This week, with my feverish excuse in the rear view mirror, I nonetheless return to my Lenten companion, poet, and prophet Walter Wangerin. In his twenty third day devotion he drops us into the Good Friday moment when Pontius Pilate offers the people an apparently benevolent, yet politically motivated, gift: they may choose one prisoner – Barabbas (“who had committed murder during the insurrection”, Mk. 15:7) or Jesus – to be spared the gruesome death penalty.
If they choose Barabbas, they choose the popular revolutionary hero, the swashbuckler, the pirate, merry Robin hood, the blood-lusty rake, the law-flout, violence glorified, appetites satisfied, James Bond, Billy Jack, Clint Eastwood, Rambo, the celebrated predator, the one who “turn them on,” over one who asks them to “deny themselves and die.” They choose (voluntarily!) entertainment over worship, self-satisfaction over sacrificial love, getting things over giving things, being served over serving, “feeling good about myself” and having it all and gaining the whole world and rubbing elbows with the rich rather than rubbing the wounds of the poor –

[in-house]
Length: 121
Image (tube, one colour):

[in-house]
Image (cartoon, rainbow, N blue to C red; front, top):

The choice is before them. And they think the choice is external, this man or that man. In fact, the choice is terribly internal: this nature or that one, good folks or people essentially selfish and evil, therefore. It’s an accurate test of their character. How they choose is who the are.
Behold a people in desperate need of forgiveness.
At each and every juncture in our journey, may we remember the lesson of Barabbas: how we choose is who we are.